6 months} Peekaboo! “By 6 months of age, babies are working on the idea of object permanence,” Lerner says. When a baby learns an object may exist even when he can’t see it, it’s a big developmental step and a great time for playing peekaboo, she adds. Hold a handkerchief in front of your eyes and wait for your baby to pull it away. At first he may not understand that you are still there, but when you show your face, the recognition is bound to bring lots of happy chuckles. You can also hide a favorite toy or stuffed animal under a blanket and encourage your baby to find it. “Do something that makes your baby smile,” Lerner says, “then don’t do it again right away. You will see your baby lean toward you as if to say, ‘Do it again, Mom.’ When you do repeat the activity, he feels proud that he is a good communicator.”
8–9 months} Go find it
At this age, your baby will begin to respond to specific words that he hears often in his home, such as the name of the family pet. You can say, “Where is Max?” and he may indeed begin to look around for his dog. “Now it is especially important to have an ongoing dialogue with your baby,” says Lerner. “Verbally label everything as you go about your day and talk about it.” Play games with your baby in which you ask for some of his favorite toys or stuffed animals, then wait for him to crawl to get them. For example, if he finds a ball you’ve asked him about, give him an enthusiastic confirmation: “You found your ball!” This teaches your baby confidence and the feeling of success. But be prepared: Once your baby gets the hang of it, he will want to play this game over and over again.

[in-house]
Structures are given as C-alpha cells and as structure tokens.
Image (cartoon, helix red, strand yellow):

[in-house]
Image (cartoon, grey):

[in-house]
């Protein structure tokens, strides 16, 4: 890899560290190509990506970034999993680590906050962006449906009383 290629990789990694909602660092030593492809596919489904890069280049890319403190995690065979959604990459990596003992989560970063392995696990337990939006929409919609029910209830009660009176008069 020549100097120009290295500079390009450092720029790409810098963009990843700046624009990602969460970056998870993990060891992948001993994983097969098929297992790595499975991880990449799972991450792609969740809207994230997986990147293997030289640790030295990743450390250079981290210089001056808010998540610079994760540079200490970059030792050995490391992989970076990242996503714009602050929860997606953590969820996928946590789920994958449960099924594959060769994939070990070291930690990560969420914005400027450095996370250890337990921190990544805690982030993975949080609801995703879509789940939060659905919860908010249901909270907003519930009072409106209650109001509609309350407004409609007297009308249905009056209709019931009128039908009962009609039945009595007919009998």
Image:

12 months} Tour the neighborhood By about 1 year of age, babies start to understand such concepts as big and small, up and down, near and far. “Playing a computer game about sizes may be fine, but seeing the idea in real life makes the lesson longer-lasting,” Lerner says. Take a leisurely stroll with your baby and ask him to point out the big house, the small house; the leaves up high in a tree, the leaves down on the ground; the nearby truck, the truck far away, etc. As you point them out, you and your baby can marvel at the little details of the everyday world.